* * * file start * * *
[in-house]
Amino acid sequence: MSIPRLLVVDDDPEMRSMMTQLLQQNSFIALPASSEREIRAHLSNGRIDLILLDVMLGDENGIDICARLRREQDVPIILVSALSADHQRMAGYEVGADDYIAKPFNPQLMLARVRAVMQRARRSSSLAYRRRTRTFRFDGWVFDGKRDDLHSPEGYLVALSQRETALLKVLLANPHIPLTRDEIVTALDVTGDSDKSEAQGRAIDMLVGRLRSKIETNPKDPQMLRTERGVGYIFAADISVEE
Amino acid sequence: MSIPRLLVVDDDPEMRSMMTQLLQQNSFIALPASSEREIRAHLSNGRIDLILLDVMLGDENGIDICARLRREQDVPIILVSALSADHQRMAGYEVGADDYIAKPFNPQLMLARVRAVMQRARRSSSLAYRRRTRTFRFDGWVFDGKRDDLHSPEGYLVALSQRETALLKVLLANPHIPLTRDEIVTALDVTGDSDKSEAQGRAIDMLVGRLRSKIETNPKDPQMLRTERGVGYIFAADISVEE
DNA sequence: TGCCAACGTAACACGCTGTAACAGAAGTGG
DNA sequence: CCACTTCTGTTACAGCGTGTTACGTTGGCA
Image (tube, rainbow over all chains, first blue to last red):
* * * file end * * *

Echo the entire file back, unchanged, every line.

[in-house]
Amino acid sequence: MSIPRLLVVDDDPEMRSMMTQLLQQNSFIALPASSEREIRAHLSNGRIDLILLDVMLGDENGIDICARLRREQDVPIILVSALSADHQRMAGYEVGADDYIAKPFNPQLMLARVRAVMQRARRSSSLAYRRRTRTFRFDGWVFDGKRDDLHSPEGYLVALSQRETALLKVLLANPHIPLTRDEIVTALDVTGDSDKSEAQGRAIDMLVGRLRSKIETNPKDPQMLRTERGVGYIFAADISVEE
Amino acid sequence: MSIPRLLVVDDDPEMRSMMTQLLQQNSFIALPASSEREIRAHLSNGRIDLILLDVMLGDENGIDICARLRREQDVPIILVSALSADHQRMAGYEVGADDYIAKPFNPQLMLARVRAVMQRARRSSSLAYRRRTRTFRFDGWVFDGKRDDLHSPEGYLVALSQRETALLKVLLANPHIPLTRDEIVTALDVTGDSDKSEAQGRAIDMLVGRLRSKIETNPKDPQMLRTERGVGYIFAADISVEE
DNA sequence: TGCCAACGTAACACGCTGTAACAGAAGTGG
DNA sequence: CCACTTCTGTTACAGCGTGTTACGTTGGCA
Image (tube, rainbow over all chains, first blue to last red):